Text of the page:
Asuncion, December 1, 2017.- A delegation from the Inter-American Court of Human Rights, including Judge Patricio Pazmiño and staff of the Secretariat, made a visit to the indigenous communities of Yakye Axa, Sawhoyamaxa, and Xkamok Kasek in the Paraguayan Chaco, on November 27 and 29. After the visit a hearing that took place in Asunción on November 30th.
The purpose of the visit and the hearing was to verify the status of compliance with the rulings of the Inter-American Court related to the Yakye Axa communities. The visit was attended by representatives of the communities such as senior representatives of different state institutions, the Center for Justice and International Law (CEJIL) and Tierra Viva.
The delegation was able to certify the situation of extreme poverty and exclusion in which the community of Yakye Axa is living, which showed non-compliance of that the State with the ruling of the Court. The community continues to live in the side of a public road, without access to potable water, in houses of extreme precariousness and without adequate health, nutrition or education services.
Verónica Fernández, community leader, told Judge Pazmiño "Where the community lives we only suffer, the State treats us as if we were animals next to the road"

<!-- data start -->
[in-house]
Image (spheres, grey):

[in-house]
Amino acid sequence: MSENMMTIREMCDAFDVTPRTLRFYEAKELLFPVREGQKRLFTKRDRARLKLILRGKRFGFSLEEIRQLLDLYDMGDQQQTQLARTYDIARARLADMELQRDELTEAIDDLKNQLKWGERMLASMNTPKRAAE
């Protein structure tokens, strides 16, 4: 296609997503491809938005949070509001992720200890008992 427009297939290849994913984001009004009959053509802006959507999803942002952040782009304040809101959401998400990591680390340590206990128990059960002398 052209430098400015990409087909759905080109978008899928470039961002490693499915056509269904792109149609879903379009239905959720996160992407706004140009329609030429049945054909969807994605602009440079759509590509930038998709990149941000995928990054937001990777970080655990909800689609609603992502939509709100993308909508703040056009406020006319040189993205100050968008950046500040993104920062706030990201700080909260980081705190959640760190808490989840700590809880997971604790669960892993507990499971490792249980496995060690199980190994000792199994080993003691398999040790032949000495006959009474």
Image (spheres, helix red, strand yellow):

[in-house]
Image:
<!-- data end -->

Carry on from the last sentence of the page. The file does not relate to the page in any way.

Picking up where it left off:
In 2012, the Paraguayan State purchased lands for the community. However, Yakye Axa has not been able to access them, given that the State has not done the necessary procedures to grant them those lands, and it has not built an access road. Community leaders pointed out that being able to settle on their lands is the key to an improvement in their living conditions and development as indigenous peoples.
The Yakye Axa, Sawhoyaxama, and Xkamok Kasek peoples are determined to claim their territories and rights to preserve their cultures. As one of the leaders expressed, "I was born into the fight, I grew up in the fight and I became a fighter."
During the hearing, Judge Pazmiño said that the delegation of the Court was very concerned by the conditions in which the community lives, urged the State to accelerate the implementation of the measures ordered by the Court, and as a result, the authorities made commitments to provide emergency assistance to the Yakye Axa people, and to guarantee their access to land in 2018.
"This visit by the Court was crucial to face the State due to its delay in complying with its international obligations, and the effects that this causes on the subsistence of indigenous peoples in Paraguay," said María Noel Leoni, senior lawyer of CEJIL.
CEJIL expects compliance with the commitments made by the State, which will be monitored closely by the Court.